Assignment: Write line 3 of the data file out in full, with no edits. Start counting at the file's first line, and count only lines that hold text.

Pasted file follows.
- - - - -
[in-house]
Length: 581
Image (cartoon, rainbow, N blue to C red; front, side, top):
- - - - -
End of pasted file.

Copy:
Image (cartoon, rainbow, N blue to C red; front, side, top):